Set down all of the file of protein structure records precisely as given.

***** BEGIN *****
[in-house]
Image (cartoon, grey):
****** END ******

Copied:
[in-house]
Image (cartoon, grey):